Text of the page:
• Do you worry about passing on wealth to your children or grandchildren?
  • Would you like to take more control over your life?

Once you have the answers to these questions, you can begin to provide the reassurance that clients seek. And, give them the confidence that they are in control of their money.

In our previous blog we talk about how cashflow planning empowers your clients to make informed decisions and help them understand not only the value that you provide as their ‘Life Coach’ but also the impact of the choices they make (or don’t).

With research by The Money and Pensions Service finding that 63% of people said money worries were affecting the mental health of someone close to them. Therefore starting this conversation can be transformative for a client’s emotional wellbeing.

Visualise a client’s future

Financial plans can often talk about seemingly esoteric future events – someone’s retirement, later-life care, death, or legacy. It is hard for a client to grasp some of these far-off concepts. Clients are easily be confused by numbers, tables and pages of data.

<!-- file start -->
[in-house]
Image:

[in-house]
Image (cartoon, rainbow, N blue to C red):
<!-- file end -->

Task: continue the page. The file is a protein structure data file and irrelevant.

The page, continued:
To help, cashflow planning gives a client a visual representation of their finances, both now and into the future.

As paraplanner Aishling Costello recently told us:

Explaining a financial plan can be wordy, and clients get bored, but if you’re having a dynamic conversation with them, and pointing out things in a physical way that you can change, it’s brilliant.

Seeing their financial position makes it much easier for clients to understand how their wealth will change over time, the level of income they can afford to take, and the impact of factors such as tax and stock market volatility.

This can prompt much more open conversations about a client’s plans, aspirations, and goals.